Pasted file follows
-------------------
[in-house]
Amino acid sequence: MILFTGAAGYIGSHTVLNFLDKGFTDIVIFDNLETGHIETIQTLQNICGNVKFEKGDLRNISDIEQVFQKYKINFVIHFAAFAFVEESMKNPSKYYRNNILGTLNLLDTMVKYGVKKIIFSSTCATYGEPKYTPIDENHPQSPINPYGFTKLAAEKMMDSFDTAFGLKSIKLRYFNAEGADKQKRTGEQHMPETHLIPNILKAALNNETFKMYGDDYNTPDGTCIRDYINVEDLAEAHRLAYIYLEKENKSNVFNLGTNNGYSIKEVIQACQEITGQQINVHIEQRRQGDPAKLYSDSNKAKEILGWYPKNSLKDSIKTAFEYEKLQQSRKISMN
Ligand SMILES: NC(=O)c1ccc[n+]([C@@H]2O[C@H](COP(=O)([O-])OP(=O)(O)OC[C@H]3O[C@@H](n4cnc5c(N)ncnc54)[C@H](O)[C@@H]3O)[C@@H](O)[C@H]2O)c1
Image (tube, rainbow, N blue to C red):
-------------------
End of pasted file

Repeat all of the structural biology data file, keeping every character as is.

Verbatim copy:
[in-house]
Amino acid sequence: MILFTGAAGYIGSHTVLNFLDKGFTDIVIFDNLETGHIETIQTLQNICGNVKFEKGDLRNISDIEQVFQKYKINFVIHFAAFAFVEESMKNPSKYYRNNILGTLNLLDTMVKYGVKKIIFSSTCATYGEPKYTPIDENHPQSPINPYGFTKLAAEKMMDSFDTAFGLKSIKLRYFNAEGADKQKRTGEQHMPETHLIPNILKAALNNETFKMYGDDYNTPDGTCIRDYINVEDLAEAHRLAYIYLEKENKSNVFNLGTNNGYSIKEVIQACQEITGQQINVHIEQRRQGDPAKLYSDSNKAKEILGWYPKNSLKDSIKTAFEYEKLQQSRKISMN
Ligand SMILES: NC(=O)c1ccc[n+]([C@@H]2O[C@H](COP(=O)([O-])OP(=O)(O)OC[C@H]3O[C@@H](n4cnc5c(N)ncnc54)[C@H](O)[C@@H]3O)[C@@H](O)[C@H]2O)c1
Image (tube, rainbow, N blue to C red):